Ho Chi Minh City Day Trips

Cu Chi Tunnels
Cu Chi Tunnels © Mimsie

Cu Chi Tunnels

The Cu Chi Tunnels system is an underground network of tunnels dug in the 1940s by the Vietnamese as a place to hide during the fight against the French. The network was later expanded and used in the American War. Today the system is more than 150 miles (250km) long. It is comprised of winding tunnels and unlit offshoots, secret trap doors connecting narrow routes to hidden shelters, local rivers and tunnels reaching to the Cambodian border. It was once a sprawling city of improvised hospitals, living quarters, kitchens and fresh water wells, with some tunnels barely large enough to wriggle through. The plan was to launch surprise assaults on the enemy, and then disappear; this strategy was so successful that the superior firepower of the French and American armies was insufficient in the face of continuous ambushes in which the assailants seemed to vanish into thin air. Today many of the tunnels have been enlarged to allow visitors the dirty and claustrophobic experience of crawling through a portion of the underground network, past secret trapdoors and booby traps laid against invasion. The two main sites, Ben Dinh and Ben Duoc, are different in that one was constructed specifically for tourists (Ben Dinh) and the other was actually used in war (Ben Duoc). Due to their popularity with tourists, hard-sell vendors can be a constant hassle among the touring throngs.

Address: Ben Dinh is 22 miles (35km) northwest of Ho Chi Minh City at Tay Ninh and Ben Duoc is 31 miles (50km) in the same direction. ; Telephone: +84 3794 8830; Transport: The tunnels are best visited on a day tour, otherwise a bus from Ben Thanh bus station stops in Cu Chi where public transport services the site.; Opening time: Sunday to Friday 7am-6pm, Saturday 7am-5pm. It is best to arrive before 3pm as it gets quite dark towards late afternoon/evening.



Mekong Delta
Mekong Delta © William Cho

Mekong Delta

The delta is a vast network of waterways formed by the Mekong River. It is surrounded by a fertile patchwork of endless green rice paddies, orchards and swamplands, where most of the country's rice is grown. Not only does the Mekong River irrigate what is known as 'the rice bowl of Vietnam', it also serves as a vital form of transport. A unique way of life has evolved among the villagers that have lived on or beside the river for centuries. The best way to experience the delta is by boat, joining the rowing boats and fishermen, rickety houseboats, ferries and traditional sampans on the brown water. On the banks are small villages, vegetable gardens, fish farms and stilted houses. Trading is carried out between boats at floating markets, where whole sections of the river are covered by bobbing merchants who advertise their wares, often hung from long bamboo poles. There are several towns in the region from where visitors can arrange boat trips, if not already on an organised tour. Tourists should try to avoid the rainy season, as the tides may be too high for canal travel. There is an impressive range of local dishes on offer and, besides seafood, there are opportunities for adventurous travellers to sample snake, eel and bat.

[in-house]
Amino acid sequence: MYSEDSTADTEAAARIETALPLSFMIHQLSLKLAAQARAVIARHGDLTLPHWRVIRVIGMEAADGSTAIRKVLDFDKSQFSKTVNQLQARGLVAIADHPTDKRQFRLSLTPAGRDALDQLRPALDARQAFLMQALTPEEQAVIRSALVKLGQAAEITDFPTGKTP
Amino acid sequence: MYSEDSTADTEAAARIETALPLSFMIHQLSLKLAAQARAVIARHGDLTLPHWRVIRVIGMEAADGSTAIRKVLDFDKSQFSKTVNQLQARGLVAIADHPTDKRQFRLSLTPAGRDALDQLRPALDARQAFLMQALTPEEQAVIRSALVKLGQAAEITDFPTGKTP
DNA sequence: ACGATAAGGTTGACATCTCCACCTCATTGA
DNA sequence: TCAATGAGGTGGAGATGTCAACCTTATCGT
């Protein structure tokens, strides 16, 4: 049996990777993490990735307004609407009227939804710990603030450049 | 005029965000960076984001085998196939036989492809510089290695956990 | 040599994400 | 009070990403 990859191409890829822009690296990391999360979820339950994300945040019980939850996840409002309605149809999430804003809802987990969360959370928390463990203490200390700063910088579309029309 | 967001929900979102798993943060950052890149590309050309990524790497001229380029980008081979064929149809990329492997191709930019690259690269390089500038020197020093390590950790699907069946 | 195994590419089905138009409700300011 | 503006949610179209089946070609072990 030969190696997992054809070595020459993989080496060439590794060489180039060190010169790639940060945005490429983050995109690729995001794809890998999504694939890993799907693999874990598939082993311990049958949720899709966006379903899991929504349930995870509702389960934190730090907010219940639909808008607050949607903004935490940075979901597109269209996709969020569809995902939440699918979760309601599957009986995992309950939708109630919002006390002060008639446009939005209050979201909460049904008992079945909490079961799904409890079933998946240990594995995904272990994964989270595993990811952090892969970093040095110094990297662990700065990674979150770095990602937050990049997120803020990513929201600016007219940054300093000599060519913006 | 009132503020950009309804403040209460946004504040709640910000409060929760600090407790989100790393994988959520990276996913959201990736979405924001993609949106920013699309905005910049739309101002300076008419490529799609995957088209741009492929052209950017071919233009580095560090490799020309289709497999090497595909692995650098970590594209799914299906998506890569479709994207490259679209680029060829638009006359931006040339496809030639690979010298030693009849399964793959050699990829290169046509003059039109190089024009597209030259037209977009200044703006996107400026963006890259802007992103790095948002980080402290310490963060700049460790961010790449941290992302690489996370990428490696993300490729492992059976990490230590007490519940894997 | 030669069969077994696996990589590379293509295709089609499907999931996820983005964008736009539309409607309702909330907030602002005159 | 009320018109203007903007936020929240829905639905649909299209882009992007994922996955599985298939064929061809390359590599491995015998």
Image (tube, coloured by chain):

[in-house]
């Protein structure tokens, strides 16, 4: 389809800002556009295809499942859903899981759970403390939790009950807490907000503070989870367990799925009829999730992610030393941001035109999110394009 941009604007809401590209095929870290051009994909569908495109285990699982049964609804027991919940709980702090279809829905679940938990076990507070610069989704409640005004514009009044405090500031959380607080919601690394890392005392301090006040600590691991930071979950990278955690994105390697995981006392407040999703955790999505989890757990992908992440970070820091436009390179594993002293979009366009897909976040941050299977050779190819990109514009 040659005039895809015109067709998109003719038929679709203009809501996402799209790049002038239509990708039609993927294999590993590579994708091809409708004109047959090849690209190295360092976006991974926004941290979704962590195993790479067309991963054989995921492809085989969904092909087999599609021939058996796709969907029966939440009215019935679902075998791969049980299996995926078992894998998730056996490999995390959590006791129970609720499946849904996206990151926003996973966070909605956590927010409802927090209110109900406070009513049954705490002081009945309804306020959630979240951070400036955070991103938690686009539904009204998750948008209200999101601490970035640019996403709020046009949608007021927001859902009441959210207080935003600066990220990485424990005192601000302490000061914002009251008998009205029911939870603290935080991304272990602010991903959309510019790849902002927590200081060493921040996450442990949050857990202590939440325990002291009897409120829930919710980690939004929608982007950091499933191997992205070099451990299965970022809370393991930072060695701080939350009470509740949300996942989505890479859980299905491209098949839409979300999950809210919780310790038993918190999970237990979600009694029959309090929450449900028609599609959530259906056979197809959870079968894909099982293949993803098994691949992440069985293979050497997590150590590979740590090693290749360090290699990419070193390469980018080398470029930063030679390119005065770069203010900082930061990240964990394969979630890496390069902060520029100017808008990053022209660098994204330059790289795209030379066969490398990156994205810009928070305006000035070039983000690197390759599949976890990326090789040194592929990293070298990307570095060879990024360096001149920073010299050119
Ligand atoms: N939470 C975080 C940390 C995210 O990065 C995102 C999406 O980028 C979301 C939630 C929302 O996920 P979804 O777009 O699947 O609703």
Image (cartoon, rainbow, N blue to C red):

Transport: It is best to use a tour operator or local guide to navigate the region.



Mui Ne Harbour
Mui Ne Harbour © Martin Fisch

Mui Ne

Mui Ne is Vietnam's most western style resort beach. The city itself is a typical Vietnamese fishing community sporting a fleet of beautiful fishing boats but with little to see or do in town. The beach beside it, however, is home to luxury resorts and hotels, while cheaper guesthouses can be found across the road or closer to town. A variety of water activities are available including surfing, kite surfing, jet-skiing, and sailing. The young and tireless will enjoy the beach and roadside bars where cheap drinks and electro music carry on late into the night. Most parts of the long six mile (10 km) stretch of beach resemble the tropical paradise Mui Ne has always been toted as, but other sections have experienced coastal erosion. Travellers should keep this in mind when selecting a resort. There are red-coloured sand dunes close to town, but beyond those lie much larger white sand dunes, which are worth the extra half-hour trip. For a small tip, children will rent out sand sleds and demonstrate how to surf the dunes. One of Vietnam's top golf courses is also just outside the city. Mui Ne is a scenic five-hour motorbike trip from Vung Tau or five to seven-hour highway bus ride from Ho Chi Minh City.

Address: Mui Ne, Phan Thiet, Binh Thuan; Transport: Buses from Ho Chi Minh City cost between 105,000-140,000 VND (up to 7 USD), while the total train journey will be around 400,000 VND (around 18 USD). Scooters or motor bikes are available for hire in Mui Ne, but taxis are safer.


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